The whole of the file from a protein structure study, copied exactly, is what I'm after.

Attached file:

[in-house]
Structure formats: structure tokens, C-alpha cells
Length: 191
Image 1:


[in-house]
Structure formats: structure tokens, C-alpha cells
Length: 191
Image 1: